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The Change in Momentum for a Car Stopped by Braking.

How much Force is needed to Stop a Car?

A moving car which comes to a stop has a change in momentum.

In example 1 a car uses its
braking
force to bring it to a stop.

In example 2 on the next
page

the same car is brought to a stop by crashing into a
wall.

Example 1.

A car has a mass of 1000 kg and moves with a velocity of 18 m/s.

The driver brings the car to a stop
in 15 seconds.

What braking
force is applied?

Change in
momentum
= Force x time.

or mv - mu
= F x t.

mv = final momentum (the one it ended up
with)

mu = initial momentum (the
one it started with)

t = time

Final momentum

m x v = 1000
x 0 because the car stopped.

= 0 kgm/s.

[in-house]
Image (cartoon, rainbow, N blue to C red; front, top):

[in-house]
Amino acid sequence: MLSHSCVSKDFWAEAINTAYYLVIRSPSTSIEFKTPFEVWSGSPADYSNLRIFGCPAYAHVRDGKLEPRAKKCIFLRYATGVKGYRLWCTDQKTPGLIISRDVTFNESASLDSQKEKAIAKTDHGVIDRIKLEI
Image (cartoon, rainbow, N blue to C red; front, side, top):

Initial momentum

m
x u = 1000 x 18

= 18000
kgm/s.

The change in momentum mv - mu

= 0 - 18000

= - 18000
kgm/s.

(The negative sign only shows that the car lost
momentum).

Change in
momentum
= Force x time.

18000 = F x 15

F = 18000
÷ 15

= 1200
N.

The braking force needed to stop the car in 15 seconds is 1200 N.

A car that is stopped
safely by braking experiences a
much

smaller force
than a car
that crashes. In the examples

shown on this page and the
next, the force is
15 times smaller

because the car took 15 times
longer to stop.

This has implications for driver
and passenger safety.

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